3. Paul Moloney - March 19, 2009

When Dwight spoke about moral outrage, I had in mind those that, when they experience such outrage, feel good about themselves and then do nothing.

After reading Nina’s comment, I would have to further qualify myself and think that there is a moral outrage based on intelligence and one based on mere emotion. Moral outrage based on intelligence, though, can affect us emotionally. Moral outrage based on emotion only does not seem to stimulate us intellectually.

4. Dwight Furrow - March 21, 2009


You are right. Moral outrage is justifiable but only when it is accompanied by practical reason, especially an assessment of consequences.


I agree that lack of moral outrage can be a moral failing as well. But whether outrage is itself an expression of care or not depends on how it is expressed. I’m skeptical that outrage by itself requires any ethical commitment (unlike the motive of care which does). It can often be used as an easily manufactured substitute for genuine care. This controversy over the bonuses, while understandable, is a bit of a distraction from the larger issues regarding the proper approach to revamping and revitalizing credit markets.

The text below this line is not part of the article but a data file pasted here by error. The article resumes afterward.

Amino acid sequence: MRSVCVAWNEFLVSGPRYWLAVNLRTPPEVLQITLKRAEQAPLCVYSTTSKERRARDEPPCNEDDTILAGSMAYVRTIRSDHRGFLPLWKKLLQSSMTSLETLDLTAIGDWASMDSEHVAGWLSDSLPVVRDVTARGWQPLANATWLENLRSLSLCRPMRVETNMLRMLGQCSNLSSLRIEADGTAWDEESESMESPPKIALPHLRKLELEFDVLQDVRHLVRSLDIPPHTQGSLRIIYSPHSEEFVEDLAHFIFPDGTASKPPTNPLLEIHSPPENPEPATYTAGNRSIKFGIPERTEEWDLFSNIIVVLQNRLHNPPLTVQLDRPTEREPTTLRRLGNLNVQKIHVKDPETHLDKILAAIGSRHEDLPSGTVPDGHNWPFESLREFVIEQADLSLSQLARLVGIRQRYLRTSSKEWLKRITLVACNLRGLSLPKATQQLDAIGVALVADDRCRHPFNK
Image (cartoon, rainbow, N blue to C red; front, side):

5. Moral Outrage Redux « Philosophy On The Mesa - March 23, 2009

[…] 23, 2009 Posted by Dwight Furrow in Current Events, Dwight Furrow’s Posts, Ethics. trackback I wrote last week that moral outrage is a cheap emotion—easy to generate but demanding very little from […]